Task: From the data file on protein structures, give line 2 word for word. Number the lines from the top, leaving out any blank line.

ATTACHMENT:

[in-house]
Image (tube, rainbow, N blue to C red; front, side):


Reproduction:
Image (tube, rainbow, N blue to C red; front, side):